Pay Attention

Saving Waste

by Kathie Olsen

Saving Waste

Lucy Engelman

I do my best to pay attention. I pay attention to the food I feed my family: Keep it local, keep it fresh. I pay attention to our planet: Reduce waste, reuse what I can, buy used, and don’t drive when I can walk or use public transit. I often find myself doing my grocery shopping with worries nibbling at my brain: Global warming, energy consumption, hungry people around us, trash in the oceans, trash overflowing.

When I was asked to write an article on food waste, I was therefore prepared to get really depressed. To my delight and astonishment, however, my research has resulted in the first true optimism that I’ve felt in a long time. There’s good news out there! We can—if we choose—really do something to stop what feels like a free fall. Some of the smartest people around the world are working on solutions that make it possible for each of us to truly have an impact. We don’t have to wait for politicians or corporations to lead the way.

The Facts

Think reducing food waste is not important? Look at the following facts:

  • U.S. food waste has tripled since 1950.
  • According to the National Resources Defense Council, we waste 40 percent of the food we produce, which equates to 4 percent of the oil we consume. (That translates into 300 million barrels of oil used annually to produce food that is wasted.)
  • 95 percent of food waste ends up in landfills, where it produces 16 percent of U.S. methane emissions, one of the more noxious greenhouse gases. According to, 43 percent of all food wasted is from consumers.
  • Meanwhile, the number of hungry people in our country increases at an alarming rate, the majority of them children and senior citizens.

How We Got Here

It helps to figure out how we got into this predicament in the first place. Waste occurs all along the food chain, from farm to fork.

  • Farmers have a very small margin of error in their business. Market fluctuations and strict aesthetic food industry requirements, not to mention the vagaries of the weather, means that they must produce more than can actually go to market. What isn’t usable often lies rotting in the fields.
  • Food is damaged or lost as it is packaged and shipped. On average, food travels 1,500 miles from farm to table. Damaged food has to be dumped somewhere.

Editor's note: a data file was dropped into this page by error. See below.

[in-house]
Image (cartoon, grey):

• Some food goes to processing. Processed food requires vast amounts of resources, including water, a commodity that is becoming more and more precious each day. For example, Sustainable America calculated that it takes 45 gallons of water to produce one glass of orange juice. They estimated that food waste uses up 25 percent of our fresh water.
  • Next are the overstocked retail outlets. Retailers have to keep their displays looking fresh, and wise retailers want to have a wide variety of choices available to their customers. Expiration dates dictate when they must pull items from their shelves, and those dates are often arbitrary, unregulated, and flat out inaccurate. When the food isn’t purchased, or has to be pulled from the shelves, it is almost always wasted.

The good news is that all of this is solvable. The vast majority of food waste can be eliminated altogether or used to feed the hungry, feed animals, or to create new energy. Eliminating food waste can have a profound impact on global warming, water scarcity, and more. We can make a real difference.

On a grand scale, things are already being done. In 2014 Massachusetts enacted one of the most ambitious laws to stop large businesses and institutions from discarding food waste: Commercial entities (universities, hotels, grocery stores, manufacturers) that produce more than a ton of organic waste per week are required to find alternative disposal methods.

Composting is one such method; aerated piles of compost produce quality soil and water, and can actually produce energy through anaerobic digestion. Many municipalities nationwide are now collecting wasted food to turn into compost or energy.

The Kitchen Dilemma

Then there’s the nightmare of our own refrigerators. You know the story: you use half an onion, put the rest in the fridge, and then forget it’s there. Or, you have leftover chicken that you hope to use in tomorrow’s tacos, but then nobody wants tacos. The result? Wasted food.

  • According to the Food and Agriculture Organization of the United Nations, American households waste around 20 pounds of food each month. The Washington Post says that we have tripled our household food waste since the 1950s.
  • If you’re like me, you cook too much. Then you either forget to freeze the leftovers or don’t pull the leftovers out of the freezer until they’ve turned into a frozen slush that nobody wants.
  • You worry about the expiration date on that package. It doesn’t smell funny, it doesn’t look funny, but the date is there and that’s enough to dictate to your cautious self that you’d better toss it.